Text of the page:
National Wild Horse & Burro Advisory Board Meeting Part II (of many)

For reference today, here is the document that I will be using again, starting at page 41.

Right away, I’ll just start with where I finished on my previous reading, which ended on the note that the Nevada BLM aims to adopt out only 110 wild mustangs this year. This is my biggest concern in this very second because, it is just so low. For a state who houses the largest population of wild horses and burros, the Nevada BLM really needs to shoot higher and bigger! In my post Adopting, I actually mention a few changes that could be made to the current process that could really increase adoptions and give adopters an easier, more fun experience.

My second largest concern is that there seems to be, to me at least, that herd areas (HA’s) aren’t intended to have horses on them. If this is the case, should an area with horses on it not remain a herd management area (HMA)? I mean, I know that I use common sense, but to me, if it is an HA or an HMA, then it is supposed to have horses or burros on it, so don’t sound so melodramatic Nevada.

Another big question mark that I have over my head is that, Alan Shepard, the Nevada State Lead, is stating that the state of Nevada is recovering from a 4-year drought. Now, I don’t claim to know a whole lot about the weather in Nevada, as it is going to be different in every district. That said that the weather is different in each district, this means that resource availability, meaning that the needs for horses/burros in each district are different from one another. You cannot stereotype an entire state based on one area.

Then, it seems like in less than one sentence, we swap from water availability to blaming the budget for not being able to maintain the tiny AML in the state, which happens to be 12,811. I’m not entirely sure how we made this transition, but okay… Mr. Shepard essentially admits how broken up this Wild Horse and Burro program is when he says that they are just trying to “bandage” this program up and manage the horses. At least someone is admitting it. Then again… he falls off of the train by saying that he thinks that they are doing a good job maintaining the wild horses and burros… NOT ! Here is what I just cannot understand… why are private property owners so concerned? I mean as a horse lover, I would give anything to have wild horses and burros romping about in my yard! And I can tell you this, if Nevada would make land bridges over or under highways or interstates, horses/burros would absolutely use it as an alternative to having to cross the asphalt. And farmers. For the record, if you don’t want horses getting into your hay, all you have to do is put up a fence. It’s not a big challenge. The West is made up of fences, so what is one more?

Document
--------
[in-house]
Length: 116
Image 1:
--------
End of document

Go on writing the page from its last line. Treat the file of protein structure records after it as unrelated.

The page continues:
I’m going to throw this out there once more, if the BLM would kick the cows out of the equation, the rangeland would be in much much better shape than what it is right now. There are too many cows on our Public lands right now and they are destroying our lands that house and care for the wild horses and burros. The speaker then goes on to say that if the state of Nevada didn’t have resource issues, then they wouldn’t have horses/burros “stacked” on top of each other… Not that I’m entirely sure what that has to do with anything at this very moment. He goes on to say that he is, for whatever reason, concerned with the means by which these horses get a drink of water and how long it takes them to get a drink… sir, have you ever watched the wild ponies drink? They cannot drink the sea water! They have to dig into the ground on the island with their hooves and drink what they dig up of groundwater. That is how nature provides. And going back to my first post where I mentioned sage-grouse, the Nevada BLM is like a huge lover of sage grouse. So I see a conflict of interest occurring when you’re trying to defend the case of gathers in sage-grouse territory… but whatever.

This only gets us to page 49 but I am going to stop here because I know that this is getting long. Thank you for reading this post, I love y’all and I hope to see you back to read my next post! Be sure to share with your friends on facebook and twitter! Have a lovely day!

Advertisements

Leave a Reply

Fill in your details below or click an icon to log in:

WordPress.com Logo

You are commenting using your WordPress.com account. Log Out / Change )

Twitter picture

You are commenting using your Twitter account. Log Out / Change )

Facebook photo

You are commenting using your Facebook account. Log Out / Change )

Google+ photo

You are commenting using your Google+ account. Log Out / Change )

Connecting to %s